Within days of signing legislation protecting the rights of public employees, Florida Gov. Ron DeSantis was sued twice by the state’s most powerful public sector unions. While attorneys battled in courts of law, those running the state’s largest teacher union appealed to the court of public opinion. Union executives claimed DeSantis’s reforms would destabilize educators’ job security and defund public education.

This Labor Day marks the end of a busy season for labor legislation nationwide. This year, 20 state legislatures enacted 34 laws governing public sector unions — roughly the number of measures passed in the previous two years combined.

The Florida law, for example, protects the rights of teachers and other public employees. It requires unions to notify members of their rights, including their right not to join the union. Members now sign a state-created document acknowledging their understanding of these rights. The law requires unions disclose the total dues collected and union executive salaries. And when employees want to terminate their membership, unions must respect that decision and process the request as soon as possible.

The new law also ends the state’s role in collecting membership dues for the union, something many other states have already done. Finally, unions must demonstrate their membership rate is at least 60 percent or undergo reelection. The law doesn’t apply to first-responders.

Other states enacted similar employee-friendly reforms. Arkansas and Tennessee ended payroll deductions for teachers’ membership dues. Indiana restricted teacher union executives’ ability to dictate curricula, teaching methods or student discipline. Kentucky stopped collecting dues, personal information and political contributions for public sector unions. And Missouri extended labor protections to emergency medical system personnel.

These reforms aren’t necessarily harmful to unions and don’t touch private sector unions. Most of these reforms require public sector unions, which hold state-sanctioned monopolies over their workplaces, to provide good customer service. A more responsive, transparent union should be an improvement for union executives, the government and union members alike.

Some reforms — ending payroll deduction of union dues and Florida’s more frequent reelections, in particular — push union executives to work harder to recruit members and convince them of the union’s value. These reforms reward union executives who communicate with and serve their members well.

Yet union executives lobbied hard against these reforms. State by state, union executives insisted on a false choice: Lawmakers must choose between protecting workers’ rights and having strong unions. The two wants are, of course, not mutually exclusive.

Union executives focus their efforts on state legislatures where some lawmakers, especially those who receive significant campaign donations from unions, willingly buy into the union’s false-choice narrative. In such states, union executives have successfully advanced dangerous, broad constitutional amendments mirroring the measure approved last year in Illinois that gives unions super-legislative authority without any protections for individual employees.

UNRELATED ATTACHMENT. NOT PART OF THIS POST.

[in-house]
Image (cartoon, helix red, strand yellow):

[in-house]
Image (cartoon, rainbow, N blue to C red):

As a result, union executives got their way in many other states, but at a significant cost for individual employees. In Hawaii, public sector unions can legally extort public employees who decline to join the union by refusing to represent them in a workplace dispute with the government. Illinois made it easier to unionize charter schools. Maine now requires the government to hand over employees’ personal information to union executives. Maryland made it easier for public sector unions to organize, scrapping traditional employee safeguards such as secret ballot and in-person elections.

The irony is that union executives don’t need any more power in these states, which are already heavily unionized. In these states, public sector unions have become a de facto extension of the Democratic Party.

Good people across the country may believe that handing more power to public sector union executives will fix teacher shortages or improve ineffective government programs. Instead, these good people should reflect this Labor Day and ask themselves whether public sector unions have lived up to these promises over the past 50 years. They should also ask how we can hold union executives accountable and improve how public sector unions work.

Unfortunately, anyone trying to advance ideas to improve public sector unions soon discovers union executives aren’t interested. Public sector union executives will go to war to ensure they keep their power — even at the expense of the employees they purportedly represent.

David Osborne is the senior fellow of labor policy with the Commonwealth Foundation, Pennsylvania’s free-market think tank.

Copyright 2023 Nexstar Media Inc. All rights reserved. This material may not be published, broadcast, rewritten, or redistributed.

By admin

Leave a Reply

Your email address will not be published. Required fields are marked *